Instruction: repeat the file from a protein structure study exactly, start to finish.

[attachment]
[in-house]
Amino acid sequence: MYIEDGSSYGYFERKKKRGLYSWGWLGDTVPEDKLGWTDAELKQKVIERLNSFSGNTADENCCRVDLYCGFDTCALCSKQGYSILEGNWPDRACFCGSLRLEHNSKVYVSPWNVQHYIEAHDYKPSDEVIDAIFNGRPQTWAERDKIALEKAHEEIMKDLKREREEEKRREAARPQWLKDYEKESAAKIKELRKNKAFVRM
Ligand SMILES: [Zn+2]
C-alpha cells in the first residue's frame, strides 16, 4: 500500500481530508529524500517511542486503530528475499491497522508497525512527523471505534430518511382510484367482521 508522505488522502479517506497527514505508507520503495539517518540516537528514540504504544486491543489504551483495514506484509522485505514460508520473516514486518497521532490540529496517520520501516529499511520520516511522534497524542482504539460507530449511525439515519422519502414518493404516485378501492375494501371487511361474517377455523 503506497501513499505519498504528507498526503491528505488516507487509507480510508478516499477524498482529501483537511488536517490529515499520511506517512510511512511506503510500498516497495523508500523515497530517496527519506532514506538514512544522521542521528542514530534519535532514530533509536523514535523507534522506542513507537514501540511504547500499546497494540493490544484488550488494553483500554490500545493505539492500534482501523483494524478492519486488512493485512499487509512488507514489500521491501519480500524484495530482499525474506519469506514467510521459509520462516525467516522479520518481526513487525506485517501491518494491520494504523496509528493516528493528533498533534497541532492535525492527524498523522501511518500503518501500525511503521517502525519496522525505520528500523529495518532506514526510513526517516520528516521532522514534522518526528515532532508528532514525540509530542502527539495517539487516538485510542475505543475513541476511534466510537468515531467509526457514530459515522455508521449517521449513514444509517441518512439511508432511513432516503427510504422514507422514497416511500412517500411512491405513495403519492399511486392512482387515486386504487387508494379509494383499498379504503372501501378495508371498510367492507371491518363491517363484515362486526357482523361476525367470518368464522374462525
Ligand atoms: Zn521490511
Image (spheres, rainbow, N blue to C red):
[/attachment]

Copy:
[in-house]
Amino acid sequence: MYIEDGSSYGYFERKKKRGLYSWGWLGDTVPEDKLGWTDAELKQKVIERLNSFSGNTADENCCRVDLYCGFDTCALCSKQGYSILEGNWPDRACFCGSLRLEHNSKVYVSPWNVQHYIEAHDYKPSDEVIDAIFNGRPQTWAERDKIALEKAHEEIMKDLKREREEEKRREAARPQWLKDYEKESAAKIKELRKNKAFVRM
Ligand SMILES: [Zn+2]
C-alpha cells in the first residue's frame, strides 16, 4: 500500500481530508529524500517511542486503530528475499491497522508497525512527523471505534430518511382510484367482521 508522505488522502479517506497527514505508507520503495539517518540516537528514540504504544486491543489504551483495514506484509522485505514460508520473516514486518497521532490540529496517520520501516529499511520520516511522534497524542482504539460507530449511525439515519422519502414518493404516485378501492375494501371487511361474517377455523 503506497501513499505519498504528507498526503491528505488516507487509507480510508478516499477524498482529501483537511488536517490529515499520511506517512510511512511506503510500498516497495523508500523515497530517496527519506532514506538514512544522521542521528542514530534519535532514530533509536523514535523507534522506542513507537514501540511504547500499546497494540493490544484488550488494553483500554490500545493505539492500534482501523483494524478492519486488512493485512499487509512488507514489500521491501519480500524484495530482499525474506519469506514467510521459509520462516525467516522479520518481526513487525506485517501491518494491520494504523496509528493516528493528533498533534497541532492535525492527524498523522501511518500503518501500525511503521517502525519496522525505520528500523529495518532506514526510513526517516520528516521532522514534522518526528515532532508528532514525540509530542502527539495517539487516538485510542475505543475513541476511534466510537468515531467509526457514530459515522455508521449517521449513514444509517441518512439511508432511513432516503427510504422514507422514497416511500412517500411512491405513495403519492399511486392512482387515486386504487387508494379509494383499498379504503372501501378495508371498510367492507371491518363491517363484515362486526357482523361476525367470518368464522374462525
Ligand atoms: Zn521490511
Image (spheres, rainbow, N blue to C red):